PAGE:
Francis Bannerman Military Surplus


If you’ve collected military items for any length of time, chances are that you’ve heard of the name “Bannerman.” Like many successful entrepreneurs of yesteryear, Francis Bannerman IV was an immigrant, brought to America as a child. Born in Dundee, Scotland in 1851, the 3-year old Bannerman settled in Brooklyn, New York with his Scottish father and Irish mother.

Bannerman, the Naval Yard Picker

Their home was located a stone’s throw away from the New York Naval Dockyard, more commonly known as the Brooklyn Navy Yard. This chance location for a home greatly influenced Bannerman’s future. Following in his father’s footsteps, the 10-year old Bannerman became a skilled picker; finding and selling scrap iron, rope, and other odds and ends that were discarded in and around the Navy Yard.  

Brooklyn Navy Yard

Circa 1851 engraving of the Brooklyn Naval Yard and Wallabout Bay from the Brooklyn Navy Yard.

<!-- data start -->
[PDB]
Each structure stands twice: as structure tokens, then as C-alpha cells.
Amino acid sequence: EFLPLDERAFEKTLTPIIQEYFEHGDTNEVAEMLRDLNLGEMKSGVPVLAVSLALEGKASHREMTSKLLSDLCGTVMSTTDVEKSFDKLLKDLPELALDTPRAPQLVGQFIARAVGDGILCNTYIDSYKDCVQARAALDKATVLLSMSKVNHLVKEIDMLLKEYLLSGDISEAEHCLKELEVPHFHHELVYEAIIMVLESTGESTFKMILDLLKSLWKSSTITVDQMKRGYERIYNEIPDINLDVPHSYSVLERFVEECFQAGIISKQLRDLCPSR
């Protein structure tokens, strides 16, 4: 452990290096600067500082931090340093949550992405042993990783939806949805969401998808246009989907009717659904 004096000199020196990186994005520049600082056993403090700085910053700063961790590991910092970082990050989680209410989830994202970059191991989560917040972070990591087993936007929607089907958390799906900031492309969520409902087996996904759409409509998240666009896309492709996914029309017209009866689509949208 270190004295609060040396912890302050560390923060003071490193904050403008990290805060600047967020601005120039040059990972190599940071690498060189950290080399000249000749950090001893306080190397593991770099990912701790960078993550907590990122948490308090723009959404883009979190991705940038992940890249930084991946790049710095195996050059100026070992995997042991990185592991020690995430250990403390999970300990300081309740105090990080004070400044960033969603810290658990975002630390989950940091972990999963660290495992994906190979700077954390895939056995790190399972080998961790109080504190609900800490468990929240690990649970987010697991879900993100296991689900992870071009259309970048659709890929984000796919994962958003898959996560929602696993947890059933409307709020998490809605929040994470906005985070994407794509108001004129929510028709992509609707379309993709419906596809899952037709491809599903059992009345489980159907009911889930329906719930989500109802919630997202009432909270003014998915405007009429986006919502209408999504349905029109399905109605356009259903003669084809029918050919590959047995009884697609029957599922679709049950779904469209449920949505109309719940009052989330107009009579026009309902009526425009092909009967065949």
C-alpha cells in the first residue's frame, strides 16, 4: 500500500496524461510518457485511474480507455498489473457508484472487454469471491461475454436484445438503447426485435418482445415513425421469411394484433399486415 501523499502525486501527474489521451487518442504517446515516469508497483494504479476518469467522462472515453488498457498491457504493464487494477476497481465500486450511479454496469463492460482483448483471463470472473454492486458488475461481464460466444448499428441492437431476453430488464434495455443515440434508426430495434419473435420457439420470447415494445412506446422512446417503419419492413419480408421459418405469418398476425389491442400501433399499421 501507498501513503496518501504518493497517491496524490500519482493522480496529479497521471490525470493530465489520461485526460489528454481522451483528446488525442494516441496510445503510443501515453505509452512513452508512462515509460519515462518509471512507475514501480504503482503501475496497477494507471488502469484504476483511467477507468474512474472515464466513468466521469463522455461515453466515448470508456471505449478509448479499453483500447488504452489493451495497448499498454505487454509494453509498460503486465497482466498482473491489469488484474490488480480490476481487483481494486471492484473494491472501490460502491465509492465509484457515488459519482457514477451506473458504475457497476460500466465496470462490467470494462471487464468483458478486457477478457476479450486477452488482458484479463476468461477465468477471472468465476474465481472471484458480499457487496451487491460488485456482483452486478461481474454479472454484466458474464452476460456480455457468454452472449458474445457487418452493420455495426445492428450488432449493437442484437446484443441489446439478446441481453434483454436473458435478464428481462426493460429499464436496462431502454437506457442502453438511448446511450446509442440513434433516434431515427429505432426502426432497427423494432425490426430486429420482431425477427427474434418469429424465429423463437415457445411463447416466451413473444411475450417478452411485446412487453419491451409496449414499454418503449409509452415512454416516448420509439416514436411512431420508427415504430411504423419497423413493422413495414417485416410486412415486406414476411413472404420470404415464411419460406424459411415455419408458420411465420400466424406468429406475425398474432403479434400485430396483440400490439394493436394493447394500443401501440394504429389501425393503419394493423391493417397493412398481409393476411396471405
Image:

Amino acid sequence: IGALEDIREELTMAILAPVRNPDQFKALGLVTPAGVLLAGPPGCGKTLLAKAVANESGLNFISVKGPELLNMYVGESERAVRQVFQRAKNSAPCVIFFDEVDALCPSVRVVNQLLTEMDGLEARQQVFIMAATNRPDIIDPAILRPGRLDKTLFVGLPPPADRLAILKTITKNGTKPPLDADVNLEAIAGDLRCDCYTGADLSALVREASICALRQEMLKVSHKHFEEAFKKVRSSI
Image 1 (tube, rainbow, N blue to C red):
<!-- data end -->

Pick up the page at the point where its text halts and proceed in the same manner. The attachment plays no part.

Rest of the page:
During the Civil War, Francis’s father joined the Union Navy or worked as a merchantman in service of the Union. In his absence, the younger Bannerman became the primary breadwinner for the family until his father returned at the end of the war. Upon his return, his father continued pursuits in the junk business, opening a store and a small warehouse in 1867. The family continued to source and sell ship scrap, well into the late 1870s, with Francis’s younger brother taking over the family business in 1881.

The Growth of the Bannerman Empire

During the 1880s, Francis began to frequent Government auctions at the Brooklyn Navy Yard, mostly purchasing US Navy surplus. Like any good businessman, Francis understood that if he were to grow his business, he would have to advertise more aggressively. In 1884, Bannerman produced the first of his now famous, military surplus catalogs. Sensing he was on to something good, he followed that publication with more expansive catalogs in subsequent years. The catalogs were a big hit, and based on their success, he was compelled to purchase more military surplus at Government auctions.